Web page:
November 13th: "Cyber Wind" Exercise



Results Map for Non-P2P ("Regular Winlink") Participants here

Peer-to-Peer Results from Nov 13th Cyber Wind Exercise [Google Map link]

ETO P2P Target Stations Map [JPEG]

ETO P2P Sorted Results List [PDF]

More Results Files Here [Google Drive link]


Winlink Drills, Past and Future — 2021 Edition

Spring 2021, Fall 2020, and Spring 2020/h4>
===Information===>> Important Info about our Drills and Winlink Thursdays, here...

Spring 2021 Winlink Exercise:

Our Spring 2021 Drill was held on Saturday, May 8th.
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Map of May 8th Drill Results:   HERE


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The EmComm Fall Drill 2020 — Summary and Results

The nationwide emergency communications drill was held on Saturday, November 14, with ARES™ and other operators asked to demonstrate the ability to deliver digital messages, using forms, to specific addresses via Winlink. Participants were tasked with sending one message to the U.S.A. Regional Clearinghouse for their geographic area.

Only Winlink-generated messages were requested. This drill was an exercise in sending messages from local sites to one of twelve Regional Clearinghouses (that is, one for each of the ten National FEMA Regions, plus Hawaii, and "ETO-DX" for non-USA participants) both to practice and to demonstrate the capability of amateur radio operators across the nation to relay information in times of need.

This drill used the messaging program Winlink as the method of delivering preformatted messages. Operators were free to use any connection mode that they had available, including the variety of digital modes on HF, VHF, UHF and Telnet.

The goal was to encourage more operators to become familiar with Winlink and its associated message templates. The primary message template for this exercise was the ICS-213 found in the Winlink catalog of forms templates. This message format allows for standardized messages to be sent and allows for the messages to be easily evaluated for correctness.

The drill started at 9:00 Eastern time and continued until 18:00 local time in each time zone. Thus there was a 9 hour window for each operator to create and send his/her message.

After many hours of number-crunching by our Regional Clearinghouse managers, the results are in: a staggering 1,750 messages were sent by 1,550 amateur radio operators in forty-seven states, plus Puerto Rico, Venezuela and Canada. This is about twice the number of the very successful first Drill in Spring of 2020.

The map below shows the locations of the participating radio operators.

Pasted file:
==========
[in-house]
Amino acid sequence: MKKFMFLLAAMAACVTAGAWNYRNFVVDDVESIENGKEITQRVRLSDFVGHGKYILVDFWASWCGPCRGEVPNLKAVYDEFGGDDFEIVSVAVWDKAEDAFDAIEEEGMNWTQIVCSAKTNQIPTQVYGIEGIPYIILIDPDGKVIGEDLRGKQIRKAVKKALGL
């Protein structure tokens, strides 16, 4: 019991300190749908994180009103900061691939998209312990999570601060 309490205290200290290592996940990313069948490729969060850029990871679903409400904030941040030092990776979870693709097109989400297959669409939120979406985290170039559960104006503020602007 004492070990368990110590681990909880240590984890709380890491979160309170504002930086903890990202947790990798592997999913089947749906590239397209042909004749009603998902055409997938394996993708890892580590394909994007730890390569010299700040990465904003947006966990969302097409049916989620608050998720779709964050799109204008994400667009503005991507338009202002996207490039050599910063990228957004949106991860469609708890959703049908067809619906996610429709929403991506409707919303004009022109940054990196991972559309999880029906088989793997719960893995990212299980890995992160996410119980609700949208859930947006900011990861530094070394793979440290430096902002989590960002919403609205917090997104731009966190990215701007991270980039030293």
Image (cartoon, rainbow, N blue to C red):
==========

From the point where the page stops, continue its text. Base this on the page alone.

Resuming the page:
Our thanks to Rob Jagde, KD2GRS, of Long Island, New York for preparing this map.
For a zoomable map, go here:

Spring 2020 Drill participants map

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Spring 2020 Drill Summary

A group of radio amateurs organized a large-scale nationwide Emergency Communications (EmComm) drill on May 30, 2020. Planning began last November (2019) by a handful of Volunteers. Interest within the larger radio amateur community grew and by May a thousand were registered to participate.

Various organizations have Memoranda of Understanding with the American Radio Relay League concerning EmComm training and exercises and this drill was organized along those lines. ARRL's Amateur Radio Emergency Service (ARES™) provided hundreds of hams to support Agencies in this simulated nationwide emergency. In all, over a thousand radio amateurs in forty states, including Hawaii and Alaska, and the territory of Puerto Rico.

The Drill was a simulated nationwide power outage and participating hams were role-playing as "shelter stations." (No one was actually at a physical temporary shelter due to the complications of Covid-19 but we hope in future drills that actual physical presence at specific shelters, along with non-ham volunteer shelter personnel, will be possible.)

The drill scenario was that each "shelter station" ham was in an area that had no power, internet or cell phone service and that the shelter manager needed to get a requisition out for materiel. The shelter manager would give the Ham a 6409 form that he would then transmit digitally, over radio, to his Regional Clearinghouse. There were ten of these set up around the nation to serve as collection points for ICS and other standard forms. The Regional Clearinghouses were assumed to be "high and dry," with power and fully-functional internet. They would be able to collect the forms and convert these into a plain-English document to send to a conventional email address and readable by a non-ham.

This event was a booming success. Over five hundred messages with form-data were sent, along with nearly two hundred ICS-213's and almost a hundred shelter reports and staff assignment forms, demonstrating the ability of amateur radio to process and deliver data-filled forms in an emergency scenario with no internet, power or cell phone services. And, linkages between Amateur Radio EmComm Teams and other EmComm groups were strengthened more than ever. Planning is now beginning for a Fall Drill that will build upon lessons learned in the Spring Drill.

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